Our Faculty and Staff Councils send this message to marginalized KU students, staff, and faculty:

We are with you against hateful speech, acts of violence, and other forms of intimidation.  We join you in advocating for a fair and safe KU.

You are welcome here.

We see you.

We invite you to contact us.


Black Faculty and Staff Council

Latino Faculty and Staff Council

Sexuality and Gender Diversity Faculty and Staff Council

The University of Kansas




[iv] This term is used as a gender-neutral alternative to “Latino,” “Latina,” and even Latin@. It disrupts the traditional gender binary and acknowledges the vast spectrum of gender and sexual identities. 


[vii] http://static.ehe.osu.edu/downloads/diversity/EHE-DICE-Position-Statement.pdf









(The following two documents were briefly presented as New Business)


New FSRR 7.5


Background justification for FSRR 7.5:

Because FSRR 6.1.2 and KBOR Policy F.8.b.1 (July 1995 KBOR Policy and Procedures Manual) declare that:

 “The precise terms and conditions of every appointment should be stated in writing and be in the possession of both institution and teacher before the appointment is consummated.”


 There are no instances of any faculty member who has been hired prior to 2 April 2015 as having been informed that individuals with no training will be allowed to legally carry firearms in nearly every venue across campus,

 The Faculty Senate of The University of Kansas declares that enforcement of the weapons on campus provisions of KSA 75-7c et. seq. would constitute a substantial, adverse and unilateral change in the terms and conditions of employment with neither the consent of the faculty nor compensation for the degradation of workplace safety.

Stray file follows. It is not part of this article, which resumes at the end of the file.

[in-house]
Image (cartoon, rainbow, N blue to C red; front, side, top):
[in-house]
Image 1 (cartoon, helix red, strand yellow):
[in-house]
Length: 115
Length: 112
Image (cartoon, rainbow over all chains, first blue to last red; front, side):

FSRR 7.5

Because the University of Kansas has advertised, adopted and adheres to Faculty Senate Rules and Regulations FSRR 6.1.2, The University of Kansas allows all faculty members to conduct their teaching, research and service duties in a weapon-free environment as such an environment was presented to them as the terms and conditions under which they were appointed. Methods to produce this weapon-free environment may include: allowing faculty members to conduct all University-related duties remotely, allowing faculty members to perform their duties in venues which have “adequate security measures” as prescribed by KSA 75-7c et. seq. or allowing faculty members to conduct their duties in private or Federal, weapon-free, off campus facilities.


Unionization Resolution

Because KSA 75-7c et. seq. will place armed individuals with no training in most university facilities, counter to the original terms and conditions of employment of nearly all faculty members, with neither faculty consent nor compensation and those armed individuals induce a considerable degradation of Workplace Safety, The Faculty Senate of the University of Kansas hereby requests that the Kansas National Education Association initiate organization activities so as to form a faculty union on all campuses of The University of Kansas with the goal of reestablishing otherwise compromised workplace safety as the top condition of contract negotiations with The University of Kansas.